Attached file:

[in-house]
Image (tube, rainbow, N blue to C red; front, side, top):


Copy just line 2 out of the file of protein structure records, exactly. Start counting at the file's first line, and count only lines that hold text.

Image (tube, rainbow, N blue to C red; front, side, top):